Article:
President Biden – having heard of the frustration of predecessors Truman and Reagan who, vexed by the ambivalent nature, the “this or that”, the duality of all recommendations from economists bemoaned the lack of one-armed economists – should be pleased to learn that the Johns Hopkins University has inaugurated an innovative program, a PhD for one-armed economists.
Let us first dispose of some nonsense, possibly originating from former President Trump. According to this apocrypha, President Biden has taped to his desk the following summary of his knowledge of economics:
- Microeconomics Supply and demand for short economists
- Macroneconomics Supply and demand for French economists
- Macaronieconomics Public policy pastas prepared by professors at Padua Poly
- A consensus of economists A contradiction in terms
- A unanimity of economists An oxymoron
- An economists’ compromise The lobbyist asks for sixty-four billion, the Administration balks at seventy, the horrified House condemns as irresponsible any number over seventy-five, the aghast Senate declines to contemplate anything above eighty, so an elite entourage of eminent economists brings order out of chaos by brokering a compromise at ninety billion
- Monetizing the public debt The Treasury sells bonds to banks which then sell them to the Fed which instructs the Bureau of Engraving and Printing to print enough dollars to pay for them, not to be confused with such obscenities as “running the printing press” or “printing money.”
- Inflation Principal product of the Fed
- Deflation The only consolation for depression and a balm that a callous cabal of central bankers commits to kill
- Central bankers Visually impaired economists, blind to bubbles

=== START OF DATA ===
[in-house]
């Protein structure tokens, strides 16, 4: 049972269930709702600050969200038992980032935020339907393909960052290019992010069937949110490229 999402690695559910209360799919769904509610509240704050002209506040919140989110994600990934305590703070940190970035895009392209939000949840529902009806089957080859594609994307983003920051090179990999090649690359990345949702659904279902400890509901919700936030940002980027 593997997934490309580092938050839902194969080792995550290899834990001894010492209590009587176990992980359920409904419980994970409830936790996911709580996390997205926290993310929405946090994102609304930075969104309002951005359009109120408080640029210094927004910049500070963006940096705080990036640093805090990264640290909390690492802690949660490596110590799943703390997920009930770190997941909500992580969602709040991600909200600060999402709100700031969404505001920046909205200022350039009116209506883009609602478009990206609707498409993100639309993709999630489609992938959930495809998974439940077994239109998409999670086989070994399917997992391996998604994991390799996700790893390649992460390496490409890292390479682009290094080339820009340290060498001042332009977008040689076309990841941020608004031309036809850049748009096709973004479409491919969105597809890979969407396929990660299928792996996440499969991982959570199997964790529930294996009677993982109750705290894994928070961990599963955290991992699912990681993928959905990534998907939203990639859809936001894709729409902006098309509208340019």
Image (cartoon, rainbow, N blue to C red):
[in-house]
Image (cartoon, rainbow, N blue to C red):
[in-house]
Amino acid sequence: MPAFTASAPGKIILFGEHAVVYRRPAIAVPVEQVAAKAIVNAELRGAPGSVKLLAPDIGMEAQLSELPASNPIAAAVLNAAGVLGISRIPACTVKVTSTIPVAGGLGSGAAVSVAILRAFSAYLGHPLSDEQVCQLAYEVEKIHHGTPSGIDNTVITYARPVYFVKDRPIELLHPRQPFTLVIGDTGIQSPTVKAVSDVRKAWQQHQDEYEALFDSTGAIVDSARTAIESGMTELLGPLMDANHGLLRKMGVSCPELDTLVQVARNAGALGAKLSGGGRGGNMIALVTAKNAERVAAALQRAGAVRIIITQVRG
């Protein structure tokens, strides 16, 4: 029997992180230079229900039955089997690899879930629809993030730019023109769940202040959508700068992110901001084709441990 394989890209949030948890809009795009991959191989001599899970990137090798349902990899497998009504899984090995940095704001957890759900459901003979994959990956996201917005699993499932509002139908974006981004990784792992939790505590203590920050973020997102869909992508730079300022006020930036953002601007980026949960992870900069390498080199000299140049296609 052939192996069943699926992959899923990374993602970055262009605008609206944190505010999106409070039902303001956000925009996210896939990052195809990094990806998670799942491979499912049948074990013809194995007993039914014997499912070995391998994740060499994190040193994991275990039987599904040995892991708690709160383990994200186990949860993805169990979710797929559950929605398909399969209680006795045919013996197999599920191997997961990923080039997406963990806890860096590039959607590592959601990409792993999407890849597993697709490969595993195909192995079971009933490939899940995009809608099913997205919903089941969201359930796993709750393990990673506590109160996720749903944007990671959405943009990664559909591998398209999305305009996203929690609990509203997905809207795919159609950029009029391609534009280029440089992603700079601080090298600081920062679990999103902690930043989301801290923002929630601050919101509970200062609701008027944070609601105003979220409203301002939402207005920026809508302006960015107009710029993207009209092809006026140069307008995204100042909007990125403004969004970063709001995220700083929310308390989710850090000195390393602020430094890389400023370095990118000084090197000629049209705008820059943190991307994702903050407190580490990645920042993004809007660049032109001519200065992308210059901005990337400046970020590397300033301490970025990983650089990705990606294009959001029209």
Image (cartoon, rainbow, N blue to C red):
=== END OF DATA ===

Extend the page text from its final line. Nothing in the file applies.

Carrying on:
- Independence of the Fed A fiction so Congress and the Administration can claim they do not share the blame for inflation
- The Invisible Hand. A doctrine promulgated by Adam Smith in 1776, a doctrine to which politicians and economists profess fealty, which, however, they are not permitted to apply in Washington, DC. Future Hopkins’ graduates will have an invisible hand.
Have we had any one-armed economists? At least on the subject of inflation, Nobel Laureate Milton Friedman may have been one-armed. Always asserting that inflation was a monetary phenomenon, “No two ways about it,” he would have ridiculed the current search for the monopolists, big companies, Russian oligarchs or other perpetrators that were causing it. But as a one-armed economist he knew the trauma of knotting his tie and touch-typing his manuscripts.
Now back to the new Johns Hopkins program. Through its Department of Economics, Hopkins grants a PhD on completion of course work, an oral exam, a dissertation and – thanks to students in its medical school – a free amputation. Faculty members who designed this new program, perturbed by the slow growth in its enrollment, are of course divided into two schools of thought: One School has it that before launching the program there should have been surveys, double blind studies and Bayesian revision. The other School thinks delay in enrollments has occurred because the sole graduate of the program denigrates it: she says the medical students forgot she was left-handed.